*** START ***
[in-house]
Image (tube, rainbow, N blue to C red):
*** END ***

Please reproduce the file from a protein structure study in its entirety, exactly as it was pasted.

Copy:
[in-house]
Image (tube, rainbow, N blue to C red):